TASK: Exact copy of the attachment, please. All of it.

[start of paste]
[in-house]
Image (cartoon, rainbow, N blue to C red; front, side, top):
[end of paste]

[in-house]
Image (cartoon, rainbow, N blue to C red; front, side, top):